Wikistrat’s Facebook and Twitter followers recently engaged in a 24-hour exclusive Q&A session with one of Wikistrat’s Senior Analysts, Dr. S. Ayse Kadayifci-Orellana. Questions and Dr. Kadayifci-Orellana’s answers are transcribed below.
Dr. S. Ayse Kadayifci-Orellana is the Interim Associate Director and Visiting Assistant Professor at Georgetown University’s MA program in Conflict Resolution. Before going to Georgetown University, she served as a consultant for the Religion and Peacebuilding Program at the United States Institute of Peace and as an Assistant Professor in the field of Peace and Conflict Resolution at the School of International Service at American University, Washington DC. She is also a founding member of the Salam Institute for Peace and Justice, where she served as the Associate Director. She is the author of Standing on an Isthmus: Islamic Narratives of War and Peace in the Palestinian Territories and co-authored and edited the volume Anthology on Islam and Peace and Conflict Resolution in Islam: Precept and Practice.
Ariel Reichard: How would you characterize Turkish policy toward the Syrian civil war? While in the beginning Turkey tended to support Assad, it now vehemently opposes his regime. While it views ISIS as the enemy, it refuses to support Kurdish fighters against it and denies them free access to the Syrian front. Do you see a way for Turkey out of its deadlock and indecisiveness? Do you envision any constructive role for Turkey in what is currently happening in Syria?
Answer: Turkish policy toward Syria cannot be comprehended without understanding the challenges the civil war there created for Turkey. After 2000, Turkish-Syrian relations blossomed and then-Prime Minister Recep Tayyip Erdoğan and President Bashar al-Assad developed a personal friendship. But relationship soured after the 2011 uprising in Syria. Turkey’s attitude gradually moved from being that of a “big brother” advising Assad to implement democratic reforms to one of an ‘archenemy’ cutting diplomatic ties and championing political and armed intervention to remove Assad from power.
Turkey’s initial reaction to Syria was partly the result of overestimating Turkey’s influence over Assad. Erdoğan assumed his relationship with Assad would be sufficient to convince the Syrian leader to implement the recommended reforms. However, Syria perceived Turkey’s attitude as as a form of “Ottoman colonialism.” Turkey, in turn, saw Syria’s refusal to follow its advice as a sign of disrespect — and as undermining Turkey’s regional credibility and legitimacy. Soon after, in line with Western governments, Turkey started to support the Syrian opposition to overthrow Assad and facilitated initiatives, meetings, trainings and military support to the Syrian opposition.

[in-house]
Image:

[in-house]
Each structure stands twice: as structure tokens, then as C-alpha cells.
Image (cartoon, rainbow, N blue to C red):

Turkey received more than one million Syrian refugees and asylum-seekers. The influx of so many refugees has caused enormous problems for Turkey and at times created conflict between local populations and refugees, something that has influenced Turkish public opinion of the country’s Syria policy.
Another factor that influenced Turkey’s policy is the nature of the Syrian opposition. Exactly who the rebel groups are, what their objectives are, their positions and their relations with each other is still unclear. Turkey nevertheless supported the opposition was particularly sympathetic toward Islamic groups. ISIS benefited from this confusion. It is now widely accepted that many of the ISIS leaders have been treated in Turkey and many militants went to Syria from Turkey, but it is unclear if they were aware of the extremist agenda of ISIS or the extent of the threat.
There are now many sympathizers of ISIS in Turkey. Recent protests in support of ISIS not only shocked many Turks, but also reminded the government of the vulnerability of the domestic security situation. Many in Turkey, including government officials, fear the repercussions were it to join the anti-ISIS coalition.
Another complication for Turkey was the siege of the Kurdish town of Kobani by ISIS and the looming massacre of many innocent Kurdish citizens there. Kobani posed a unique challenge for Turkey because it was a stronghold of the PKK, the Kurdistan Worker’s Party of Turkey, and the PYD, the Democratic Union Party of Syria. Both are considered terrorist organizations by Turkey and many Western governments. Although Turkey has initiated a peace process to end the conflict with the Kurds domestically, it maintained that the PKK was a terrorist group. Turkish officials have even stated that the PKK is as evil as ISIS and that there should be no distinction between them.
Any Turkish effort to relieve the Kobani siege would have put Turkey on the side of the PKK and the PYD against ISIS. The AKP government needed to avoid that impression at any cost, especially with elections coming up in June 2015. If Erdogan is to expand his new presidential powers, he cannot afford to alienate nationalists who are fiercly anti-PKK. For that reason, he let Kurdish militias from northern Iraq enter Syria from Turkey. (more…)